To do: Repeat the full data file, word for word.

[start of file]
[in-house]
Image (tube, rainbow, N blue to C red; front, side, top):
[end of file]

[in-house]
Image (tube, rainbow, N blue to C red; front, side, top):